One of the drawbacks to traveling is that sometimes you fall in love with a place and find it hard to leave. This was definitely the case with Manarola. I could have spent weeks or even months there, but after only one full day, it was time to pack our suitcases again and head to Siena. Siena is a lovely old city, famous for it's Palio races twice a year in the summer time. The city is divided into districts, and each district is represented by an animal. Each district races through Siena's ancient streets to see which team will be crowned as victor. Apparently, this event draws large crowds from all over the world, and even being a spectator can be dangerous. My sister and I, when planning our trip, assumed that Siena would be calm and uncrowded in early April, still several months from the races. Wrong. What we didn't know is that Easter Monday, (the day after Easter) is a national holiday, and the Italians all take little trips on that day. The trains were all packed, one of them to the point that we were crammed into the entryway of the train so tightly that the door closed on my backpack. standing upright on a tightly packed moving train while trying to keep your wheeled suitcases under control is difficult to say the least. Excruciating for someone with claustrophobia like me. The last train (it was a four train journey from Manarola to Siena) involved a vomiting child seated directly across from me, but we made it to our destination in one piece so all was well. After checking in to our lovely hotel, we started walking to Il Campo, Siena's beautiful city square. It was a fairly long walk from our hotel, and we stopped and had a pastry and cappuccino to fortify ourselves for the walk. As we got closer to Il Campo, there were more and more people on the street, until, just a short distance from our destination, it became almost impossible to walk because of the crowd. The entire Campo was full of people, stores were doing booming business, and a festive holiday atmosphere prevailed. However, it was very hard to get any pictures, and if you stood still for too long, you were likely to get ran in to as the crowds kept surging along. We popped in to a few stores, and getting out of each store was like trying to merge on to the freeway during rush hour. Finally, we walked back to our hotel, napped, and then walked up to a pizza place for dinner. This place was recommended by a young lady at the front desk, and it was excellent! We liked it so well we went back the next night, and were not disappointed that night either.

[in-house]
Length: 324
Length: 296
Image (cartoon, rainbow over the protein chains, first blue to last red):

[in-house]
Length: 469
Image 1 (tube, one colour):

Tuesday, we walked back to Il Campo, and the crowds had vanished. It was so much easier to see things, really explore, and check out the stores. We found a fantastic grocery store, which had specialty foods from all over Italy for sale. Big displays of fresh pasta, rows of beautiful produce, and the most amazing meat counter I have ever seen made me wish I had access to a kitchen so I could actually shop for and prepare a meal with all that lovely food! We spent the day shopping in some really neat little shops, including a store full of vintage Italian clothing.
All in all, Siena is a lovely town, and I am delighted we had two days in which to explore it. If we had had more time, we would have taken a day trip or two to explore one of the nearby ancient, hill top towns that lie a short bus or train ride away from Siena. Next time? Stay tuned for the next, and final, stop on our whirlwind tour, Orvieto! No pictures of Siena, because I can not figure out how to upload them on my new Mac book! I will keep playing with it, and then post them later. I never feel so inept as I do when trying to figure things out on a computer!